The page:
Still, Terasen's numbers for Fort Nelson, where Mayor Morey says natural gas is used by almost everyone, show a 45 per cent higher gas consumption than the Lower Mainland. Over the first year of the carbon tax, according to figures in the budget, that would cost the average Fort Nelson resident about $16 extra -- a figure that still has them saving money over the year in most cases, thanks to the tax cuts.

Minister Taylor's 'rural scenario'

The B.C. budget contains what people in the Finance Ministry call a "rural scenario," based on energy use patterns in Revelstoke.

It calculates that a one-earner family making $70,000 a year, driving a pickup and a sedan and heating with propane at average Revelstoke temperatures will pay a total of $192 in carbon tax in 2009.

The same family should get back $201 in income tax cuts, making for a net benefit of $9, the ministry calculates.

"Even in that scenario, with a lot of driving and not good mileage on their cars and also paying for the heating of their houses, they'll still come out ahead," Finance Minister Carole Taylor told The Tyee.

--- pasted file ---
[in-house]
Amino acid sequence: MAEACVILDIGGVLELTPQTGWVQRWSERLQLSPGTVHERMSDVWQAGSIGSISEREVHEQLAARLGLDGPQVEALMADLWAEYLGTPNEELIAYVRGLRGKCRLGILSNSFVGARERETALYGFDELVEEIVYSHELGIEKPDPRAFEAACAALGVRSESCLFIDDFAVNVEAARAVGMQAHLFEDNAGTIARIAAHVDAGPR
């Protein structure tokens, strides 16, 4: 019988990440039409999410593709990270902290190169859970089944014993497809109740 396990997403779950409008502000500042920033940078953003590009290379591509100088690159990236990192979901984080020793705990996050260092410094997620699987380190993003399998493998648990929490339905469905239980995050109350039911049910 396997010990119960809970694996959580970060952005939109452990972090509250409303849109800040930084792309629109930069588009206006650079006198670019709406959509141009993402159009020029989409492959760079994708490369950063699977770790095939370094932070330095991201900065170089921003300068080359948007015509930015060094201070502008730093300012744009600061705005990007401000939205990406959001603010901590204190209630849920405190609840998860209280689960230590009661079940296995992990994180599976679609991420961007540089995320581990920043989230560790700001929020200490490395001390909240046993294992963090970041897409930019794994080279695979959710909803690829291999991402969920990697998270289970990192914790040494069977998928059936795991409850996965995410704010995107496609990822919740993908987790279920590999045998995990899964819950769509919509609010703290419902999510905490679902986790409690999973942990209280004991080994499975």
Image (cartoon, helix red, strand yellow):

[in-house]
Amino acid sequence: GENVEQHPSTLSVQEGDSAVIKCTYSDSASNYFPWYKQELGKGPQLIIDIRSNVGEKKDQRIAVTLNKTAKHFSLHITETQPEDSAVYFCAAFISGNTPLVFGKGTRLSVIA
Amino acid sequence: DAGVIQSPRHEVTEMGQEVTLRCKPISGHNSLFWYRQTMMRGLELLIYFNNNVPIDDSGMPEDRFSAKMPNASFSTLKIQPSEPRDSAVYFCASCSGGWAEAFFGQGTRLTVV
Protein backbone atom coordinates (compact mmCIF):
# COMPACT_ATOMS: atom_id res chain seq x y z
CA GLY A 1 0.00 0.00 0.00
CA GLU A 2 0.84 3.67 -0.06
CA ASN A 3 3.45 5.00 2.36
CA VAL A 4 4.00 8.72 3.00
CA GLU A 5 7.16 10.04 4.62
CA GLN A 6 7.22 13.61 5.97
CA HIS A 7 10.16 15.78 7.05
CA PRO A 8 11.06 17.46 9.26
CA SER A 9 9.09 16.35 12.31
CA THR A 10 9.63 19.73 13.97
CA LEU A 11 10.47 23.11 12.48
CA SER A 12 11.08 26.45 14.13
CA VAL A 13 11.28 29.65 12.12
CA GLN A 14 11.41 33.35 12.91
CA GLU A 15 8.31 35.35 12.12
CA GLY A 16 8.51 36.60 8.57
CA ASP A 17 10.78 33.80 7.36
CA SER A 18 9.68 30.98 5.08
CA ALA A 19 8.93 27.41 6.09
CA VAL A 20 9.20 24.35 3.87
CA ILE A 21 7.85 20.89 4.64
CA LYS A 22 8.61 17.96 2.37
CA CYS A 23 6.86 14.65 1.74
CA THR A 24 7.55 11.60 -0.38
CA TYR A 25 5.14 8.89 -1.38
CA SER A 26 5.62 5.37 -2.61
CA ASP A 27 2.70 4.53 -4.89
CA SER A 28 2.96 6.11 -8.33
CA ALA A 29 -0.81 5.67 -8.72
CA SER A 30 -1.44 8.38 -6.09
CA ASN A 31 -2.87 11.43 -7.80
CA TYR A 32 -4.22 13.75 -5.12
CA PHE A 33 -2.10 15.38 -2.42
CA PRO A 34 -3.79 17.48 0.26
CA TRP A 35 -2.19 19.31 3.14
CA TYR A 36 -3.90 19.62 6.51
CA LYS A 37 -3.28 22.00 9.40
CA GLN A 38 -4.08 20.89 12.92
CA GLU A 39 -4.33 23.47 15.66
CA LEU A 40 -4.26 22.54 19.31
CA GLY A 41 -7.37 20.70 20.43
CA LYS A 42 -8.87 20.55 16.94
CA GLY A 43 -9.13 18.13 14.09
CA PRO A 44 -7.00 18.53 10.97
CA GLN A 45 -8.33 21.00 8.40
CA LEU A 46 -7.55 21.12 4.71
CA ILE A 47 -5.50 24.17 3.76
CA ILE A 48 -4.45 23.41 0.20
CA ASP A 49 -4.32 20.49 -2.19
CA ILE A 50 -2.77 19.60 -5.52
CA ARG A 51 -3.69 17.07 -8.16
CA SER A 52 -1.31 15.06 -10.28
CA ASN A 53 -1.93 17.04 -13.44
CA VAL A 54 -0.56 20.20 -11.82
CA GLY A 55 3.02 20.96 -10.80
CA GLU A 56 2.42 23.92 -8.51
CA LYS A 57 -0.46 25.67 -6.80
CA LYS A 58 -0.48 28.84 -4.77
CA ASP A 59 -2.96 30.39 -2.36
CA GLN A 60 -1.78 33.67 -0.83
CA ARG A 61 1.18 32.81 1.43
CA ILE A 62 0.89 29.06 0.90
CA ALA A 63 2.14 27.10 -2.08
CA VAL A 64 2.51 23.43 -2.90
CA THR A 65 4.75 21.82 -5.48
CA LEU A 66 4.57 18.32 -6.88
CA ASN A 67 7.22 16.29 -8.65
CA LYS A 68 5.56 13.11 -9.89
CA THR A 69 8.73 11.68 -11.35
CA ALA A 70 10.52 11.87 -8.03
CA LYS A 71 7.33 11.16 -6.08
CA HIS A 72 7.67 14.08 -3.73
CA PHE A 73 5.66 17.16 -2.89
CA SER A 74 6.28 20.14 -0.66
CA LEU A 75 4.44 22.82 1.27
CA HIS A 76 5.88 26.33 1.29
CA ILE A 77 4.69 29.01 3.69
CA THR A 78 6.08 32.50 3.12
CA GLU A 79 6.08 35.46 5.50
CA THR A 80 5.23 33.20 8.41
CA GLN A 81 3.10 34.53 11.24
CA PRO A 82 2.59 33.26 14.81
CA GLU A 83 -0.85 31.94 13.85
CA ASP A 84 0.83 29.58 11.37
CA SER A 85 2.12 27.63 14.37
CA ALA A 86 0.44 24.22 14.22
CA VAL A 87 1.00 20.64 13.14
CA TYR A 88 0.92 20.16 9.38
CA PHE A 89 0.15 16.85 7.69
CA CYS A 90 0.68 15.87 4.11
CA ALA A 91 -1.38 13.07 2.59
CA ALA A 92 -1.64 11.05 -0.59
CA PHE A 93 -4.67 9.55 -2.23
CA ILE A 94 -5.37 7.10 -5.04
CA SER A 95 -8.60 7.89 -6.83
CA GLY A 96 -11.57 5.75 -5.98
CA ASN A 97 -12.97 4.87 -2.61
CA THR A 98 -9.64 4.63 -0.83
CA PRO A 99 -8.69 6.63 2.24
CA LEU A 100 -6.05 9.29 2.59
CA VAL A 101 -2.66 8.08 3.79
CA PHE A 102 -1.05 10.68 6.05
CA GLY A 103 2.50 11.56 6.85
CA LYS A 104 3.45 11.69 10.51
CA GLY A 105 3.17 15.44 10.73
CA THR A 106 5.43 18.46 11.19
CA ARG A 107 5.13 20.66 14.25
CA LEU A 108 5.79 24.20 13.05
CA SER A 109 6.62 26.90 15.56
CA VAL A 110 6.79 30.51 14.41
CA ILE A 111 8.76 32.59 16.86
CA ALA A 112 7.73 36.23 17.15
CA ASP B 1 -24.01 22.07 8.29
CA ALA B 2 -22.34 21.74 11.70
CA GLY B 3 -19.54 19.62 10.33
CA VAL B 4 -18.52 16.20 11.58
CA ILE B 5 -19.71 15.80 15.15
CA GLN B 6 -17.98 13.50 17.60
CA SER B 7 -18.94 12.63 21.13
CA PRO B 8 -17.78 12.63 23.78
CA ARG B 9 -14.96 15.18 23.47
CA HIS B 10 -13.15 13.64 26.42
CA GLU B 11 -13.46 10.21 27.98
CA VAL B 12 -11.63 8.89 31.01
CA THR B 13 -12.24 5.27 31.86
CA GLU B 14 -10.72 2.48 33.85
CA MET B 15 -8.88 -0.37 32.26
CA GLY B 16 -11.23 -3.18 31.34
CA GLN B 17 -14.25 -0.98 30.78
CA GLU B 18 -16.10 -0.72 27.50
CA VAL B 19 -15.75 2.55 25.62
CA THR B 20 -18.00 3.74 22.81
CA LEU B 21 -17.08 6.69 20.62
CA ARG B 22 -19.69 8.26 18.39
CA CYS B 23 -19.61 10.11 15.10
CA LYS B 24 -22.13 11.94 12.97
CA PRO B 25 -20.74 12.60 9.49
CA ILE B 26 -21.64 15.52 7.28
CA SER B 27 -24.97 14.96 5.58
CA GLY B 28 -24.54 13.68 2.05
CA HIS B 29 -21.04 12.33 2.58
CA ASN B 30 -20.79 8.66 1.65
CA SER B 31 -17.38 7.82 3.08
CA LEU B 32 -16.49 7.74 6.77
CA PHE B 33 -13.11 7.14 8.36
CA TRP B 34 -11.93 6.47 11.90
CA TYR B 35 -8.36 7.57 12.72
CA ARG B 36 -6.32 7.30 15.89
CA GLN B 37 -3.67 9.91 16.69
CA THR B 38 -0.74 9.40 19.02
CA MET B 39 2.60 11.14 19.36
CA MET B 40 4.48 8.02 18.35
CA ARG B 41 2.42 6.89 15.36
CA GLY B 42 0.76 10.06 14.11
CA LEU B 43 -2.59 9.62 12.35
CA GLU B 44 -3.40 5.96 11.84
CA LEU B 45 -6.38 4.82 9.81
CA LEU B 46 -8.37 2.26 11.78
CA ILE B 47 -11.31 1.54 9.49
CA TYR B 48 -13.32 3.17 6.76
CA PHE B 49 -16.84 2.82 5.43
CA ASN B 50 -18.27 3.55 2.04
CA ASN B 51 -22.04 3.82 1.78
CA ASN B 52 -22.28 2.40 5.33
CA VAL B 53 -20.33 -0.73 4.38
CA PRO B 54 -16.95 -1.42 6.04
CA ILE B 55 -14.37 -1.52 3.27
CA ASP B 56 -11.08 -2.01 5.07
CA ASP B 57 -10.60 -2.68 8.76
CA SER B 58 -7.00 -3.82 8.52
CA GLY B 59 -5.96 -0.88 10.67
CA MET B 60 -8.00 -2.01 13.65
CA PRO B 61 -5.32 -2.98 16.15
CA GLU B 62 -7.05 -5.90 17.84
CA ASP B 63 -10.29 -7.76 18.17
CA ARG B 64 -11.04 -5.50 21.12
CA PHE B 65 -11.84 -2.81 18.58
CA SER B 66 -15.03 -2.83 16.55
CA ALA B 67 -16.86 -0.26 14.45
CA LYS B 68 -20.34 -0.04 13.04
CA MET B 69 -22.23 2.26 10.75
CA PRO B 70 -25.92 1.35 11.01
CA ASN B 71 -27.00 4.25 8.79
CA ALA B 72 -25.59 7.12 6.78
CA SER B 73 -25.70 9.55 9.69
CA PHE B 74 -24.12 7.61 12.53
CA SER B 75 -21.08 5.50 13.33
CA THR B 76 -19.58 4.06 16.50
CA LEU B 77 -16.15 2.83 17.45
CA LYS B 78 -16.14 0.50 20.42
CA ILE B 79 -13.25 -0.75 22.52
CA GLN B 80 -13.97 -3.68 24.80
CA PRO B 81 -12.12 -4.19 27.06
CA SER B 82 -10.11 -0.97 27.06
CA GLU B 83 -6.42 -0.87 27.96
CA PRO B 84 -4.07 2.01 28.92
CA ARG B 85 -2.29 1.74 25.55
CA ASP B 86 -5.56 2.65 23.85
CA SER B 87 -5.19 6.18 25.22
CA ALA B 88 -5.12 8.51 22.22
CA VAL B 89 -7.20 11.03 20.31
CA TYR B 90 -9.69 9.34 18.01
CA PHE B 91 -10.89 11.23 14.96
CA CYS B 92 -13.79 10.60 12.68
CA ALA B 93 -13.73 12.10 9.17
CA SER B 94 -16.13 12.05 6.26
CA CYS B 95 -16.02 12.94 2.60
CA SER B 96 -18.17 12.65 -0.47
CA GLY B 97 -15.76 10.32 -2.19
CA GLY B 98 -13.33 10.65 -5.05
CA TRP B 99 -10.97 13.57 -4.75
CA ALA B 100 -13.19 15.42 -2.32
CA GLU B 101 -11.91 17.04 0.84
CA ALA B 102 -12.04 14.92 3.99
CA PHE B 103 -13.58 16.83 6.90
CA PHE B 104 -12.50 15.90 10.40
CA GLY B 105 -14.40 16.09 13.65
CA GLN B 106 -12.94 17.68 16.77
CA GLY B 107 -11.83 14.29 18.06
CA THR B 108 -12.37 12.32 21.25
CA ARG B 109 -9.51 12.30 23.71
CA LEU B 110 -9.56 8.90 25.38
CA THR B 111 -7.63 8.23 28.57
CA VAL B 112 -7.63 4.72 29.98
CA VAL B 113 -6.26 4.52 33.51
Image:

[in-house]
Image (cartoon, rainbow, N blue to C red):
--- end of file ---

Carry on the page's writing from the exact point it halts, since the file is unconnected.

As for the northern mayors, Taylor said there's no way they can be exempted from the tax.

"There are lots of people who would like exemptions," she said. "If you start down that path then you see why other areas around the world have just given up on the idea of pricing carbon."

Transport taxes: tale of two regions

Taylor said that, while upcountry transit may not match that in southern B.C., people in the Lower Mainland and southern Vancouver Island already pay extra gas taxes for services like SkyTrain.

Metro Vancouver drivers pay six cents a litre to fund transit while Victoria-area drivers pay 3.5 cents, she said.